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UNESCO HIV and Health Education Clearinghouse

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  1. We've got the power: women, adolescent girls and the HIV response

    This publication marks the 25th anniversary of the Beijing Declaration and Platform for Action, the most comprehensive and progressive global policy road map for fulfilling the human rights of women and girls and achieving gender equality. Progress has been made in key areas, the report shows, however, that many of the promises made to improve the lives of women and girls around the world have not been kept. It points out how the HIV epidemic holds a mirror up to these inequalities and injustices, and how the gaps in rights and services for women and girls are exacerbating the epidemic. …

  2. Zero discrimination against women and girls: fact sheet

    On Zero Discrimination Day and as part of the global movement for equality for women and girls, UNAIDS is highlighting seven areas where discrimination against women and girls persists, raising awareness and calling for change: 1) Equal participation in political life; 2) Human rights and laws that empower; 3) Economic justice - equal pay for equal work; 4) End gender-based violence; 5) Access to health care without stigma or barriers, including bodily autonomy and sexual and reproductive health and rights; 6) Equal and free access to primary and secondary education; 7) Climate justice.

  3. Consolidated guideline on sexual and reproductive health and rights of women living with HIV

    The starting point for this guideline is the point at which a woman has learnt that she is living with HIV, and it therefore covers key issues for providing comprehensive sexual and reproductive health and rights-related services and support for women living with HIV. …

  4. Women living with HIV speak out against violence: A collection of essays and reflections of women living with and affected by HIV

    Violence against women and girls is an unacceptable violation of basic human rights. It also is so widespread that ending it must be a global public health priority. An estimated one in three women is beaten, coerced into sex or otherwise abused by an intimate partner during her lifetime. Intimate partner violence has been shown to increase the risk of HIV infection by around 50%, and violence (and the fear of violence) deters women and girls from seeking services for HIV prevention, treatment, care and support.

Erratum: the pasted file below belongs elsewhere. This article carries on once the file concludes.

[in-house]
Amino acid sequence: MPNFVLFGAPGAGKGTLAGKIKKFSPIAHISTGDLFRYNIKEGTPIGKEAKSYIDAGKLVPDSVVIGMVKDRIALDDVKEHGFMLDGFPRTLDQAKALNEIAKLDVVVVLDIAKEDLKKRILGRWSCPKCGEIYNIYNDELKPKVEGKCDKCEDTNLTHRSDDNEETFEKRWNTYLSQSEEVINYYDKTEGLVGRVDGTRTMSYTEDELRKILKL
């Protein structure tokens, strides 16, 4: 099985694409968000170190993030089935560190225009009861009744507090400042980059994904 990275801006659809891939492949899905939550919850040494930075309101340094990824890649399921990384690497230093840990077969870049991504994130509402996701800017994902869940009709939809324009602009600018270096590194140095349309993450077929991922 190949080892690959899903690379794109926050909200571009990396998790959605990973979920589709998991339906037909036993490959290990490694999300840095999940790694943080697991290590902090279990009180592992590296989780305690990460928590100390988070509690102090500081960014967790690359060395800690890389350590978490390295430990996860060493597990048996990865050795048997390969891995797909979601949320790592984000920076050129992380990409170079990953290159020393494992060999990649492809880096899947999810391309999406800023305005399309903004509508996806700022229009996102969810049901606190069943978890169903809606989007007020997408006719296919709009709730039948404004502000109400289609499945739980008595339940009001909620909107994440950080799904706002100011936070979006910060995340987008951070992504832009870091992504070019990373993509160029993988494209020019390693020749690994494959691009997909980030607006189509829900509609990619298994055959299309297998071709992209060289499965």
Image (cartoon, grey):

5. Addressing violence against women and girls (VAWG) in education programming. DFID guidance note

    This two-part guidance note is part of a series of DFID guidance notes on VAWG. It focuses specifically on how to address VAWG in education programming, where DFID aims to make progress towards two key impacts: 1. Girls and boys gain valuable knowledge, skills and self-confidence through education in gender-responsive environments free from all forms of violence or threat of violence; 2. Education systems, through formal and informal settings, actively contribute to the development of more gender-equitable societies, where VAWG is not tolerated. …

  6. Gender-responsive HIV programming for women and girls

    This guidance note is intended to guide countries on how to include a gender perspective and promote equality and human rights for women and girls in their national HIV responses, drawing upon the latest technical developments, guidelines and investment approaches. The inclusion of a gender perspective for women and girls into national HIV responses is important because they continue to be profoundly affected by HIV. As such, addressing their needs is a prerequisite to effectively responding to the epidemic. …

  7. Building a safe house on firm ground: key findings from a global values and preferences survey regarding the sexual and reproductive health and human rights of women living with HIV

    It is estimated that 50–55% of people living with HIV globally are women. In 2006, the World Health Organization (WHO) issued Sexual and reproductive health of women living with HIV/AIDS: Guidelines on care, treatment and support for women living with HIV and their children in resource-constrained settings. These guidelines focused on five key areas; sexual health, family planning, maternal and perinatal health, abortion, and sexually transmitted infections (STIs). …

  8. Measuring adolescent women’s sexual and reproductive health within a rights-based framework: Developing and applying an index